The current dry or drought conditions across most of the country have encouraged many graziers to rethink their practices and approach to land management.
That’s according to Dr Judi Earl, one of the speakers at the upcoming Australian Biological Farming Conference next month and a grazier herself in the New England region of NSW.
“The movement toward regenerative agriculture is gaining momentum, not least due to the many examples now being provided by graziers who have successfully applied biological principles to their farming practice and used livestock to improve land condition,” Dr Earl said.
“Understanding natural processes and working with nature allows you to build resilience in your land and increase the productive capacity of pastures in dry times.
“As a grazier, your soil is your most fundamental resource and management during drought will have a significant influence on the productive potential of your soil when favourable conditions return.”
This year will be the third Australian Biological Farming Conference, being held on the Gold Coast campus of Southern Cross University from November 9 – 12.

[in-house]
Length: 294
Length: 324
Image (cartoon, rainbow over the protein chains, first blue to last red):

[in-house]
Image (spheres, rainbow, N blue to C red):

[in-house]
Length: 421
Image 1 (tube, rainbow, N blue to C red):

The conference has 29 speakers including the executive director of the Rodale Institute in the US, Jeff Moyer, who is a world-renowned authority in organic agriculture.
Mr Moyer conceptualised and popularised the No Till Roller Crimper for use in organic agriculture and is the author of Organic No-Till Farming, a publication that has become a resource for farmers throughout the world.
Another international speaker is Michael Phillips who is the author of several highly regarded books on holistic practices in orchards and farming.
The speakers, many of whom are farmers themselves, will cover topics like weed management, compost production, improving soil fertility, no-till management, crop agronomy, transitioning to biological farming practices, integrated pest management, and enhancing farm biodiversity.
One of the speakers, Nick Kelly, is a broad-acre farmer from WA where he no longer uses synthetic fertilisers and plants cover crops over summer after the wheat, barley and other crops have been harvested.
Other key speakers include:
- Professor Carlo Leifert - director, Centre for Organics Research at Southern Cross University;
- Rob Hinrichsen of Kalfresh, one of the biggest vegetable farming operations in Queensland; and
- Dan Falkenberg, Barossa Valley’s Viticulturist of the Year for 2018, and a leading proponent of biological farming in vineyards.